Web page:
(soft music) – Good evening and welcometo the second episode of Travels With A Curator.
This evening, I would liketo travel still in Italy after we visited the Ca' D'Oro in Venice.
We're traveling south to Rome.
I would like to go to Rome this week, partly because it's my birthplace and it's the place where I grew up, but partly because I thinkthere is a monument there, a site, which is particularlyinteresting for us in these times and has aninteresting relationship to The Frick Collection.
And what I will talk about this evening is Castel Sant'Angelo, the Castle of the Angel, literally translated.
This is a monument on thewest bank of the Tiber just near the river on thesame side as the Vatican.
It's part of the so-called Borgo, the area around the Vatican.
And in front of it, thereis the Ponte Sant'Angelo, the Bridge of the Angel.
For most people, Castel Sant'Angelo, I would imagine is known as the site of a very famous opera, Tosca.
Tosca was first performedin Rome in January 1900.
And when Giacomo Puccini wrote the opera, basing it on a play by theFrench writer Victorien Sardou, he set the third and final act of the play, and the opera, in Castel Sant'Angelo in Rome.
This is a spoiler alert ifyou haven't seen the opera, but I'm assuming most people have.
The last act, the thirdact, takes place there and that is the site where MarioCavaradossi, Tosca's lover, is killed unexpectedly, is shot.
And as a consequence, Tosca commits suicide by jumping from the top terrace of the castle down into the Tiber.
It's the sort of apexof this wonderful opera, one of my favoriteoperas, but most people, most opera lovers tend to think of Castel Sant'Angel asthat, as the site of Tosca.
But in fact, it's a site in Rome that has a lot of otherinteresting associations and a very interesting history.
And that's why I would recommendto everyone going to Rome to go and visit the castlenext time you're there.
So let's look at some ofthe history of the place.
The castle is thisinteresting round structure, fortified structure, along the Tiber.
But what was it created as originally? It didn't start its lifeas a castle, as a fortress, but it started its lifeas a very different place.
It was begun in around 130-135 AD by the Roman Emperor PubliusAelius Hadrianus, Hadrian.
One of the greatlysophisticated Roman Emperors, one of the very few whodied peacefully in his bed after a long reign.
An emperor who was also a philosopher, a thinker, a great lover ofarchitecture and the arts and who rebuilt many sites inRome and all over the Empire.
He was of Spanish origins, but of course moved to Rome with his uncle Trajanand took over as Emperor after Trajan's death.
Hadrian decided to build anew mausoleum for himself and for his family where heand his heirs would be buried.
And this is a reconstructionof what the structure may have looked like.
The Mausoleum of Hadrian was created because the previous mausoleumfor the Imperial Family built by Augustus, and stillstanding as a ruin in Rome, had no more space left.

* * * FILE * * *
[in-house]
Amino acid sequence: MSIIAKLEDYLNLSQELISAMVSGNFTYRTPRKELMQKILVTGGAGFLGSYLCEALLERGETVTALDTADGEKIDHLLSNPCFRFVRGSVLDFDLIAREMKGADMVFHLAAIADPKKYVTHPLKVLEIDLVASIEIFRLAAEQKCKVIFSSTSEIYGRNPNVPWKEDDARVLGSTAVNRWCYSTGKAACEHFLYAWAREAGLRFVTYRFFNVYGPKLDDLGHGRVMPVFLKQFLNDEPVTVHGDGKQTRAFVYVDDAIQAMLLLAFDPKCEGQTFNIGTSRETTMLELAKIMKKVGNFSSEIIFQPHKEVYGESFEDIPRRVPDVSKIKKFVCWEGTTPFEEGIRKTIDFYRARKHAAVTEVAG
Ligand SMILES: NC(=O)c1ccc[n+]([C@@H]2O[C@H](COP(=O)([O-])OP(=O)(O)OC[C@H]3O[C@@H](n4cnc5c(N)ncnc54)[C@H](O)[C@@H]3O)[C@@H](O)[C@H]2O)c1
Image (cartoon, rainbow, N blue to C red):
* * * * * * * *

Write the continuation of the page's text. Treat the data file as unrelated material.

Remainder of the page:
So Hadrian builds his own mausoleum, it's actually completed afterhis death a few years later, around 139 by hissuccessor Antoninus Pius.
And all Roman emperors, moreor less until Caracalla, are buried in this mausoleum.
And you see it as thisgreat round structure there created with marble and sculptures and with an upper sectionplanted with trees.
This was the typical format ofimperial mausolea of the time and the one of Hadrian was very similar.
In front of it, Hadrian builds one of the few earlybridges over the Tiber, the bridge known as the Ponte Aelius in honor of his name, Aelius Hadrianus.
So this is the bridge, thatthen after many changes, will become the present daybridge, the Ponte Sant'Angelo.
Now the mausoleum remainedas an Imperial Mausoleum until the fall of theRoman Empire of course.
And with invasions of the Goths in Rome and various other barbaric invasions, the mausoleum was sacked and everything that wasprecious about it, the marbles, the sculptures, the precious artifacts, were taken out and it wassort of left in ruins.
But parts of the Romanstructure of the mausoleum still survive within it.
So when you enter the mausoleum today, you go up this very monumental ramp, which was originallydecorated, you have to imagine, with probably marble on thewalls and definitely mosaic, there are a few traces of it on the floor.
And this great space, this sort of spiral ramp, would then bring you tothe heart of the monument, which is of course the burial chamber.
And this is the, in the very, very center of the mausoleum, imagine almost like an Egyptian pyramid.
You would have had a chamberwhere the ashes of Hadrian or Antoninus Pius and ofall the other Emperors, Marcus Aurelius and soon would have been placed and this room still exists.
But in the Middle Ages, as the pope was becoming thenew political head of Rome, and the area aroundRome, Castel Sant'Angelo was turned into a fortress.
And so you can see from this image that the core of the round structure is actually Roman brickwork to which towers andbattlements and various things were added to make itinto a defensive structure that would defend theVatican and the pope.
And that's when thestructure, the building, became known as the Castel Sant'Angelo.